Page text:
China’s export growth is expected to have moderated in August amid port congestion caused by fresh COVID-19 cases, a Reuters poll showed, while the pace of imports also slowed, highlighting the growing pressure on the world’s second-largest economy.
The forecast slackening in overall trade add to a flurry of soft Chinese data since July and is likely to reinforce market expectations for more near-term support measures to revitalise the flagging economic recovery.
Exports are expected to have risen 17.1% in August from a year earlier, the median forecast in a Reuters poll of 31 economists showed on Monday, compared with growth of 19.3% in July. The data are due out on Tuesday.
Nomura analysts attributed the slower growth to a shift in consumption towards services in developed economies following their reopening on the back of rapid vaccine rollouts, and shipment disruptions at the Ningbo-Zhoushan port caused by the latest wave of local COVID-19 cases.
Offsetting some of this, a few analysts say, is the possible diversion of export orders back to China due to rising COVID-19 cases in Southeast Asia.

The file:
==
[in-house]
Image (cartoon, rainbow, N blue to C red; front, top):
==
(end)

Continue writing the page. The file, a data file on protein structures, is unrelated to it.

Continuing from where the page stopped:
Imports likely rose 26.8% last month year-on-year, the poll also showed, compared with 28.1% growth in July.
The Chinese economy made a remarkably strong revival after the initial coronavirus-led slump last year, but momentum has come off over the past few months as businesses grapple with sporadic COVID-19 outbreaks, supply bottlenecks and higher raw material costs. Commodity prices remain elevated despite Beijing’s attempts to cool them.
These factor drove China’s manufacturing activity into contraction in August for the first time in nearly 1-1/2 years, a private survey showed on Wednesday. read more
The country appears to have largely contained the latest coronavirus outbreaks of the more infectious Delta variant, but it promptd measures including mass testing for millions of people as well as travel restrictions of varying degrees in August.
“If there’s demand from the market, cutting reserve requirement ratios and even lowering interest rates are both viable options,” Zeng Gang, vice director at National Institution for Finance and Development, told state-owned China Securities Journal in an interview.
Many analysts expect the People’s Bank of China to deliver a further cut to the amount of cash banks must hold as reserves later this year to lift growth, on top of July’s cut which released around 1 trillion yuan ($6.47 trillion) in long-term liquidity into the economy.